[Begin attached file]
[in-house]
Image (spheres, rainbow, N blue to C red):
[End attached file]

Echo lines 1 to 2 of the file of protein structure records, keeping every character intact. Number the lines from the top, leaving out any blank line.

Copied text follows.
[in-house]
Image (spheres, rainbow, N blue to C red):